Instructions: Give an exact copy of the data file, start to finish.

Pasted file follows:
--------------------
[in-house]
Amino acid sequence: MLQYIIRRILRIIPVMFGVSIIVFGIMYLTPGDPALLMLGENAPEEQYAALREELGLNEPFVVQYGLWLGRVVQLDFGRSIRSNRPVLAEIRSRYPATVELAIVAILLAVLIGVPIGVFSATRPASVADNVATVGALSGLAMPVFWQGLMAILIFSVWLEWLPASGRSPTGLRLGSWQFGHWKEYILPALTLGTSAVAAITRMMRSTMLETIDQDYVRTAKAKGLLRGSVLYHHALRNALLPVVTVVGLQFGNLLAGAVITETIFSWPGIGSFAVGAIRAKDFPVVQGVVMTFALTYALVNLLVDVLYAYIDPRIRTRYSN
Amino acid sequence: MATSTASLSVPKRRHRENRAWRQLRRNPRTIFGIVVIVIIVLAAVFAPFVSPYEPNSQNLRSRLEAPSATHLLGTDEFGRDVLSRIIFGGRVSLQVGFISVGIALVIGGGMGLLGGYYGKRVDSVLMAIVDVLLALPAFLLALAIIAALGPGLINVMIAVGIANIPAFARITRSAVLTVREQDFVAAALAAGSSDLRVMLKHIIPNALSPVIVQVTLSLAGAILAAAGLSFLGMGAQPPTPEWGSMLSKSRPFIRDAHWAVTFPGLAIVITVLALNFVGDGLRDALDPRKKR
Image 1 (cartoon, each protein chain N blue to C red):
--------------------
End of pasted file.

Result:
[in-house]
Amino acid sequence: MLQYIIRRILRIIPVMFGVSIIVFGIMYLTPGDPALLMLGENAPEEQYAALREELGLNEPFVVQYGLWLGRVVQLDFGRSIRSNRPVLAEIRSRYPATVELAIVAILLAVLIGVPIGVFSATRPASVADNVATVGALSGLAMPVFWQGLMAILIFSVWLEWLPASGRSPTGLRLGSWQFGHWKEYILPALTLGTSAVAAITRMMRSTMLETIDQDYVRTAKAKGLLRGSVLYHHALRNALLPVVTVVGLQFGNLLAGAVITETIFSWPGIGSFAVGAIRAKDFPVVQGVVMTFALTYALVNLLVDVLYAYIDPRIRTRYSN
Amino acid sequence: MATSTASLSVPKRRHRENRAWRQLRRNPRTIFGIVVIVIIVLAAVFAPFVSPYEPNSQNLRSRLEAPSATHLLGTDEFGRDVLSRIIFGGRVSLQVGFISVGIALVIGGGMGLLGGYYGKRVDSVLMAIVDVLLALPAFLLALAIIAALGPGLINVMIAVGIANIPAFARITRSAVLTVREQDFVAAALAAGSSDLRVMLKHIIPNALSPVIVQVTLSLAGAILAAAGLSFLGMGAQPPTPEWGSMLSKSRPFIRDAHWAVTFPGLAIVITVLALNFVGDGLRDALDPRKKR
Image 1 (cartoon, each protein chain N blue to C red):